7. Most people wouldn’t even think to look twice at these, I don’t think. You’ve got a creative eye, though. It is a little heartwrenching. They look like prisoners.

  8. Fantastic shots! Very beautiful and I just love the feel to these shots. I agree – they look human in a way. Love how they all look different.

  9. It must be the most bizarre landscape I ever seen.
    Far stronger any conceptual art installation or situationist play.
    And made my spine chill. Because it real though,
    Even the tree themselves couldn’t withstand their natural climate ?
    Or see it as a warm hearted human activity ?
    Or stranded monks or pilgrims in the wild ? —– I lost a word.

    1. They do look very strange don’t they. Like they have taken on a life of their own.
      They are wrapped to protect them from their first harsh Canadian winter along a highway.

  10. amazing shots , thoughts provoking ones as well. We know they are trees, but they look little human statues. Spellbinding photos.

  11. Heart rending.. If you remember Karen on your first post I mentioned that I thought they looked like Irish potato famine survivors…this reminds me of that even more…or of concentration camp victims…or the long march.. the most extraordinary photos..

  12. Haunting and beautiful at the same moment. The “figures” seem to want to move off the page but are frozen and tied down. There’s a subtle hint of longing in them. They look as if they’re waiting for something.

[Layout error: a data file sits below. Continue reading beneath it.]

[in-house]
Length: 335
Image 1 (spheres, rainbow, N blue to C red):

Great images.

  13. These pictures do haunt. It’s eery just how human those trees appear. Never underestimate the power of the human mind to anthropomorphize anything it sees. Thank you for sharing these photos. Of the photos you took of this subject, about how many would you say were “left on the cutting room floor?”

    1. Oh lots on the cutting room floor! Although a lot of those are interesting too. I find it hard to look at them and think trees. they seem to have morphed in my mind for sure.

  14. Beautiful, haunting photos! I like the third one where the details of the frost on the burlap are visible. And it’s amazing to think that trees wrapped in cloth can evoke so many associations with hardship, agony, longing, despair. Wonderful work.

  15. So creepy! You’ve set the scene perfectly. I can almost hear the winter wind whistling and see the angry dark clouds sneaking in behind you…like a scary movie. Really cool pics! I love when pictures provoke feeling.